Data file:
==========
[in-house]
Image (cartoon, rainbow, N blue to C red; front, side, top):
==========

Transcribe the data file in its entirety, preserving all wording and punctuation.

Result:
[in-house]
Image (cartoon, rainbow, N blue to C red; front, side, top):